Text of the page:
i’d like to join ag in apologizing for rude, threatening yankee fans…i hope sf’s realize that the jerks are a small portion of our fanbase, and certainly don’t speak for or represent the good ones in any way…i’ve enjoyed all of my live-game experiences in y-stadium and fenway…good-natured banter was part of the fun, but it never got out of hand…

    dc January 5, 2007, 10:21 pm
  • See, that’s why I don’t go to Yankee stadium. I never have and I never will. As much as a baseball fan as I am, and trust me I do love baseball, I’ll never contribute a single dollar to Steinbrenner or the crowds there. I know it sounds bad, and I’ve been to Shea plenty, but they’ll tear down Yankee stadium, and with it will go memories I never had a desire to have.
    I have this theory. People should be left alone while at a game, but the reality is that they aren’t. I’ll admit to being one of those hecklers or hat knockeroffers, and I regret those days, but when you walk into Philly you don’t wear a Giants Jersey. It’s that simple. If you want to be left alone or not have your bell rung, don’t bring that attention to yourself.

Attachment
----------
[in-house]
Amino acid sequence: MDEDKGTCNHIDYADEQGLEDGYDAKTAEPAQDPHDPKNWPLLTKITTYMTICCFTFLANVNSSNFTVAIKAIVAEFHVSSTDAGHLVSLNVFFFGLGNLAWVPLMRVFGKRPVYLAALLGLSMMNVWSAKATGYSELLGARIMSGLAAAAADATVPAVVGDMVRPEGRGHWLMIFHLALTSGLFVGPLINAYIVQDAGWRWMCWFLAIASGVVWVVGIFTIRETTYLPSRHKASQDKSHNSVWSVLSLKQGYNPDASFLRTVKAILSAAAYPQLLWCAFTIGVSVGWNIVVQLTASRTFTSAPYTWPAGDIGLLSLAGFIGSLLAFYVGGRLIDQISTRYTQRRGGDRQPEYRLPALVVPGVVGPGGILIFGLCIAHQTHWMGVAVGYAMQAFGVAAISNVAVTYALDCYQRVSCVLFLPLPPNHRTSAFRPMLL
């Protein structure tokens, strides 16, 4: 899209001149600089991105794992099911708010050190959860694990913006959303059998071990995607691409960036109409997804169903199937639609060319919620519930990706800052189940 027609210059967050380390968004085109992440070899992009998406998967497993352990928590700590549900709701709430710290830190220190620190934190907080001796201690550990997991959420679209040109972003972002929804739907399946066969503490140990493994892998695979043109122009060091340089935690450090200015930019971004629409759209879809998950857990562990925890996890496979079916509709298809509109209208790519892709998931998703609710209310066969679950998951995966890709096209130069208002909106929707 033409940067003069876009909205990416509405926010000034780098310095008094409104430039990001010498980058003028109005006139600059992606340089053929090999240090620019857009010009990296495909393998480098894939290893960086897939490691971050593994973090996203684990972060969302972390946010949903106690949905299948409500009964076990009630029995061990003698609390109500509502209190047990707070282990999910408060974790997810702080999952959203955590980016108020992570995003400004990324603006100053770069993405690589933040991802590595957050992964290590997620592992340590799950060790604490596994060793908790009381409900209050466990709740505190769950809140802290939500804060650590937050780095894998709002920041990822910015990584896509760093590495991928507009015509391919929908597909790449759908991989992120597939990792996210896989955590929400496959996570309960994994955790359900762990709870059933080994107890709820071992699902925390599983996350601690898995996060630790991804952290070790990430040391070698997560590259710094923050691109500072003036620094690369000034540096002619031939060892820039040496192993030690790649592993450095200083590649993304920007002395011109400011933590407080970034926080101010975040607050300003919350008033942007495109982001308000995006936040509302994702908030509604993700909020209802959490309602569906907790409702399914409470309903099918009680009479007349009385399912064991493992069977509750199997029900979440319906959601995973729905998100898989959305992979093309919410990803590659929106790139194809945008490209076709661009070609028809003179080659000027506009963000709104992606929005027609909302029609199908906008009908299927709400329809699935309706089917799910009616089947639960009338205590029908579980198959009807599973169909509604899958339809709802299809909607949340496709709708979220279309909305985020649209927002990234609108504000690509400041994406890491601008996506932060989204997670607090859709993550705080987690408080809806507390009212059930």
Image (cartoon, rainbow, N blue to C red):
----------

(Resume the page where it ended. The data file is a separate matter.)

If you really want to cheer for your team and wear the jerseys and hats – go to home games. Otherwise, deal with the drunken stupidity of either place.

    Anonymous January 5, 2007, 10:33 pm
  • dammit, me agian. I hate this touchpad.

    Brad January 5, 2007, 10:35 pm
  • You should really go once before it gets torn down. Along with Fenway and Wrigley, it’s among the oldest (and best) baseball parks. Even if you hate the Yankees with a passion, stadiums like Yankee Stadium, Fenway, Wrigley go beyond stupid rivalries. They are baseball incarnate, and letting your hatred of a man or fans or a team get in the way of that is something you’ll regret down the road.

    Andrew January 5, 2007, 10:36 pm